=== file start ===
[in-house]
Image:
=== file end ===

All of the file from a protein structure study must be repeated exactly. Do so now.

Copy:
[in-house]
Image: